On October 22, 2011, Union Station introduced to Kansas City its most racially radical exhibit to date, America I Am: The African American Imprint. The display was presented by Tavis Smiley, a Black author, advocate, and philanthropist who is popular for his radio shows and television broadcasts. The forty-seven-year old social leader created the exhibit to answer a question posed by pre-civil rights movement forerunner, W.E.B. DuBois. The question: “Would America have been America without her negro people?” Upon visiting, one will conclude a resounding no.
As onlookers walk into the gallery, they come face to face with this very question plastered in big, glowing orange letters on a wall. After voyaging into small rooms and hallways with introduction-styled artifacts, the journey begins. It starts in Africa, educating viewers on the beauty and riches of the motherland, a name that descendants have affectionately given to the continent. Spectators are able to admire original art created by Belin, Yoruba, and Mali tribes. Most importantly, they are able to gain insight on an authentic, civilized society of people ruled by kings and queens adorned in stunning attire and headdresses. What is perceived dismantles the taught idea of a savage, barbaric people unable to operate in a refined, cultured manner. In fact, just the opposite is exposed.
Continuing on, the exhibit commences the transition Africans that altered their lives from royalty to ruins. The raw and harrowing image of metal, rusted chains forced tightly around the necks, wrists, and ankles of Africans were carefully concealed in glass cases; an eerie feeling of the souls of those who were once coerced to wear them drifts at each station. Pistols operated to murder sick slaves, chains, and various types of whips were also on display. The Middle Passage sector of the exhibit illustrated the different places in which kidnapped Africans were sent to such as South America, North America, and Jamaica.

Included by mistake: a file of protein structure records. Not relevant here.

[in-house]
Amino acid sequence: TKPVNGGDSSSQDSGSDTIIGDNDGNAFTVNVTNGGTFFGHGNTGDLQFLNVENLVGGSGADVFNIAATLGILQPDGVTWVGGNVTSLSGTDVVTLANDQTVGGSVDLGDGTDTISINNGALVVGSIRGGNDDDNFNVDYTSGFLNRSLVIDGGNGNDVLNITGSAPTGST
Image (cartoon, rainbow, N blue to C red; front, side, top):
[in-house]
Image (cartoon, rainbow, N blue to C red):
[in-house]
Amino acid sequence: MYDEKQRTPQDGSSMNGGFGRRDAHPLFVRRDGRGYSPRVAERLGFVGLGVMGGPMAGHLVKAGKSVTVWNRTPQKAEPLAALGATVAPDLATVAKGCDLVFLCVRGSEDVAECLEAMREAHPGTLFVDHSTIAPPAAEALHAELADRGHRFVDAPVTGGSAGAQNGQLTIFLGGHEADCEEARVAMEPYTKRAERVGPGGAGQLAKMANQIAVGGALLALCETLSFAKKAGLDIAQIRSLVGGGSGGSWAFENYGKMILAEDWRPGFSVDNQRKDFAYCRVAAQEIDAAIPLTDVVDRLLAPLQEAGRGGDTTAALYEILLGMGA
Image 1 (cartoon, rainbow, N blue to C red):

The next rooms show several stimulating personal items. Two frocks once belonging to Frederick Douglas – a man who escaped from slavery and became the father of the civil rights movement – lay next to each other. Dolls and blankets created by a slave woman are out for everyone to marvel at, as well. The rooms also show many different pieces slaves made: jugs, vases, bowls, and irons. Talented and skilled, these objects were not kept for themselves. Masters would take these items and sell them, pocketing whatever profit was gained.
As the exhibit persists, the era of freedom is launched with the flaunting of the Declaration of Independence (a document that did not free slaves, but freed America from British rule. The wording created by the founders of this document was used by many slaves to petition their rights as human beings to be free people), the 13th Amendment (ended slavery), 14th Amendment (gave Africans citizenship, making them African-Americans), and the 15th Amendment (gave African-Americans the right to vote).
Next, the civil rights movement is revealed. Astonishing artifacts are seen in various rooms. One of the most remarkable artifacts is the journal and Qur’an belonging to Malcolm X. Another staggering object is an original autographed copy of Dr. Martin Luther King Jr.’s first book, “Stride Toward Freedom.”
Moving forward, audiences wander into a startling room with a hanging Ku Klux Klan robe. A bright, red background hangs behind the malicious cloak, symbolizing the countless drops of blood spilled by the hands of KKK members. The advertising images of “coons,” “mammies,” and “black-faces” are also gawked.
Following this daunting corridor, watchers come into a room filled with spirituality as the power and influence of the Black church – the centerpiece of African-American culture – is paraded. Strong, inspirational sounds of gospel choirs fill the room’s space.
The last few rooms show Black achievements from the first Black sorority, Alpha Kappa Alpha, to Black sports teams and Black music. The stage attire of legends like Luther Vandross, Etta James, and Smokey Robinson are carefully draped behind glass walls.
Finally, the last room is a video demonstration of the exhibit. It is an audiovisual commentary of the influence and impact of African-Americans on America from beginning to present day.
The last day of the America I Am: The African American Imprint was originally on Sunday, January 8. However, due to popular demand, the exhibit was extended to Sunday, January 29. Though the tour has concluded in Kansas City, it is a traveling exhibit. More information can be found on America I Am: The African American Imprint by visiting www.Facebook.com/AmericaIAmExhibit